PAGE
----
It was a great lunch and an even greater experience. Moments like that define traveling for me and I remember them far longer and with considerably more fondness than staring up at a painted church ceiling with my neck craned, several dozen of my 'closest friends' crowding me, and zealous guards barking 'no photos!'. The bicycle connection was great as well, both because our travel group and most readers of this blog are people powered sports fans, and also because No1 son is in da bidness as they say, out in Portland. Here in the Twin Cities we have the Bike Expo this weekend at the State Fairgrounds, sponsored by the Bicycle Alliance of MN. Click on the link in the site for all the info on the Expo. The ice is melted on most lakes, the roads are clear, and spring is in the air. It's time to get those bikes and kayaks back into regular usage folks.

Tuesday, April 26, 2011

Back from Italy - Hiking trumps paddling

I have to make sure I remember how to do this blogging thing after two weeks. One Euro per half hour wireless access, a technical inability to figure out uploads on my Iphone, and just plain too much fun put blogging on the back burner. We did notice as we flew back that the sea ice on the south end of Greenland is breaking up, lots of ice bergs are floating around, and the inland lakes have thawed out somewhere north of Lake Ontario.

We tried to rent kayaks in Cinque Terra, a UNESCO World Heritage Site, on the Ligurian Sea but apparently we preceded the season. The ocean was plenty warm to wade in and every one of the 4 cities we hiked to had kayaks stashed under bridges or along harbors, but no one around to rent them. After a couple of cryptic emails back and forth with a couple of outfitters we gave up and decided to hike the beautiful rugged trails. We were told that they were closed however, and that there was also a one day train strike so riding the local train was out. Apparently the wet winter had caused a few slides along the steep trails and they hadn't gotten them fixed yet. We decided to give them a try anyway and turn back when we hit the blockage. We had seen landslides from the ferry that we had taken to a couple southern villages in the group and were prepared for a little out and back hike.

Spectacular does not do justice to the views from the trails. Rather than wasting time babbling about them, you can just look at the images. Sea views, terraced hillsides, narrow and treacherous paths that would cause ADA proponents to lobby Congress, and the fresh sea breeze off the ocean made for a fine hike.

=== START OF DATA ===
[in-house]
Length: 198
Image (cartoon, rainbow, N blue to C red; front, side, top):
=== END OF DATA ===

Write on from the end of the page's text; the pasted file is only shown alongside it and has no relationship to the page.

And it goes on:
After a couple kilometers we hit the heavily labeled yet rickety closed gate. These are pay trails and the people at the ends of the trail must have been showing solidarity with the striking rail workers since not a soul was around. The trail crews apparently were one with the rail folks too, because we passed a number of untouched piles of construction materials. As we debated whether to squeeze through the gate or not, a very weak debate considering the usually practical VOR, former legal eagle GreenThumbChef, and a guy who would enforce gratuitous gate crashing violations, RangerMark, were all in favor of pressing on. Our decision was made easier when we saw people approaching from the other direction. We compared notes and determined that the trail was perfectly passable in both directions. It was kind of like the driving of the Golden Spike on the Vernazza to Monterosso trails. So we hiked on, over and around more piles of untouched construction material, and reached Monterosso just in time for a wonderful lunch and a couple liters of vino de casa, the ubiquitous house wine that all of the little cafes, osteria, and trattoria had.
There had been concern about how we would get back and I was prepared to bribe an Italian driver for a lift but the ferry workers were not showing solidarity with their railway brothers (this was a Friday strike by the way, kind of a long weekend without pay for the train folks) and we took the 30 minute boat ride back. There was a fellow selling birra on the ferry so I invested in a bottle and decided that Italian birra was OK as was our little slightly illicit adventure hike up the coast.

Sunday, April 10, 2011

Fun with flying

I was planning a quick 'gonna be gone for two weeks so no posts' post but then got caught up in the NCAA Frozen Four hockey tourney in St Paul. I was happy to see the team from the shores of Gitchee Gumee, the UMD Bulldogs, win but i got too wrapped up in the hockey and packing for our vacation and never got around to it. I do have time now however as we are stuck in Chicago rather than landing in Rome.